dead-metal

dead metal

noun Printing.
furniture ( def 4 ).
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furniture

[fur-ni-cher]
noun
1.
the movable articles, as tables, chairs, desks or cabinets, required for use or ornament in a house, office, or the like.
2.
fittings, apparatus, or necessary accessories for something.
3.
equipment for streets and other public areas, as lighting standards, signs, benches, or litter bins.
4.
Also called bearer, dead metal. Printing. pieces of wood or metal, less than type high, set in and about pages of type to fill them out and hold the type in place in a chase.

Origin:
1520–30; < French fourniture, derivative of fournir to furnish

furnitureless, adjective
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World English Dictionary
furniture (ˈfɜːnɪtʃə)
 
n
1.  the movable, generally functional, articles that equip a room, house, etc
2.  the equipment necessary for a ship, factory, etc
3.  printing lengths of wood, plastic, or metal, used in assembling formes to create the blank areas and to surround the type
4.  the wooden parts of a rifle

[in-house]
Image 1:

5.  obsolete the full armour, trappings, etc, for a man and horse
6.  the attitudes or characteristics that are typical of a person or thing: the furniture of the murderer's mind
7.  informal part of the furniture someone or something that is so long established in an environment as to be accepted as an integral part of it: he has been here so long that he is part of the furniture
8.  door furniture See street furniture
 
[C16: from French fourniture, from fournir to equip, furnish]

Collins English Dictionary - Complete & Unabridged 10th Edition
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Etymonline
Word Origin & History

furniture
1520s, "act of furnishing," from M.Fr. fourniture, from fournir "furnish." Sense of "chairs, tables, etc.; household stuff" (1570s) is unique to English; most other European languages derive their words for this from L. mobile "movable."
Online Etymology Dictionary, © 2010 Douglas Harper
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